What holds women back from stepping into leadership?

There are certainly many women out there who have passion and expertise, but for all of this talent, women are not stepping up into leadership roles at the same rate as men. So how is it that mindset holds us back?

What is mindset really made up of?

How do we form our ideas? Is mindset individual or cultural? Many would rightly argue that culture has a huge part to play in mindset. For the history of mankind, most cultures have seen us exist within a patriarchal society, where men have made most of the decisions. It is only within the last 100 years that women have started to become legally more equal with men, for example, with gaining the ability to vote, being able to work after marriage, and being allowed to take on leadership positions within organisations. However, to this day, there still exists religions and cultures which expressly forbid women from making certain decisions, let alone take on leadership roles.

Our focus at Healing Souls Business Coaching is about helping women step up into their own power and into leadership positions. Despite the fact we as a western society have made significant progress towards equal rights, there still remains cultural and mindset barriers in business which prevent women from leaning in and stepping up to higher positions, and creating a 50/50 gender ratio in leadership roles.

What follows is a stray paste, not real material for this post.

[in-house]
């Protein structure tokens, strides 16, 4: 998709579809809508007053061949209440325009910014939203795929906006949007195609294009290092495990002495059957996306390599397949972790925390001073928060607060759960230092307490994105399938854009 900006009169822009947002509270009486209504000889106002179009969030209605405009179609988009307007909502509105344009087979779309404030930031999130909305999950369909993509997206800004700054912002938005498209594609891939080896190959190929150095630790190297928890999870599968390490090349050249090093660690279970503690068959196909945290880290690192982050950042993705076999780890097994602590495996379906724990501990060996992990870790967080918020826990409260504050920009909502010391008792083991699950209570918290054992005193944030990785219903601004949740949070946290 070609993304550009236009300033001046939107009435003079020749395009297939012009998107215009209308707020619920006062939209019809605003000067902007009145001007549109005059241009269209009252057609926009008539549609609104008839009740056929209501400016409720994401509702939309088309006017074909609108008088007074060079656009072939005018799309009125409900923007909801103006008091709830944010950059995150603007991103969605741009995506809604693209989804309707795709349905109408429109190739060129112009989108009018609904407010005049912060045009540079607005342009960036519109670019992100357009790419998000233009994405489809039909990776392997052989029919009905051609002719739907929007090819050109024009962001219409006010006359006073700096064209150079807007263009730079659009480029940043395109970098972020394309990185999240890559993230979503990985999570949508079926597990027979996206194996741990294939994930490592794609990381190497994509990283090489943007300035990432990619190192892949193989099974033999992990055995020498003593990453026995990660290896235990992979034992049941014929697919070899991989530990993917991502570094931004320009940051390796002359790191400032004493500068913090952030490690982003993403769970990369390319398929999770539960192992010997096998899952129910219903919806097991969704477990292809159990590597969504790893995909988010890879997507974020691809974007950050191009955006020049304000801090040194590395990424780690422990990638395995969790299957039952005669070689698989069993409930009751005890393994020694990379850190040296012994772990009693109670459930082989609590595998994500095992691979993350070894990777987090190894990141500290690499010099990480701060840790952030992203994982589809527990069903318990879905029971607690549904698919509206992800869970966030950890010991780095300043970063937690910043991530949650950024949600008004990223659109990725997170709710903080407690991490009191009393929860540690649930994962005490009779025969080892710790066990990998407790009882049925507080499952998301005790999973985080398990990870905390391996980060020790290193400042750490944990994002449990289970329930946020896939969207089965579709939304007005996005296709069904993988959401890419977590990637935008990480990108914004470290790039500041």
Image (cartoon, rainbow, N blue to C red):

For example, we still evaluate people based on stereotypes. Sheryl Sandberg in her book “Lean In – Women, Work and the Will to Lead” (2013) uses the example of the Heidi/Howard case study:

Our stereotype of men holds that they are providers, decisive and driven. Our stereotype of women holds that they are caregivers, sensitive, and communal. Because we characterize men and women in opposition to each other, professional achievement and all the traits associated with it get placed in the male column. By focusing on her career and taking a calculated approach to amassing power, Heidi violated our stereotypical expectations of women. Yet by behaving in the exact same manner, Howard lived up to the stereotypical expectations of men. The end result? Liked him, disliked her. (p. 40)

Stepping Outside of the Box?

So how can we as women circumnavigate these reactions to compliance or non-compliance with stereotype? How can we step into leadership roles without having negative mindsets from both men and women? We need to re-educate ourselves and others, and let go of stereotypes. We need to step outside of the box, think outside the square, just be who we want to be and accept others who follow the same mantra.

So how are you going to change your behaviour today? What is stopping you from making those changes? What blocks are holding you back?

Their ambition is legendary

Stepping Into Leadership

Reference:
Sandberg, Sheryl (2013) “Lean In: Women, Work and the Will to Lead”. Random House.

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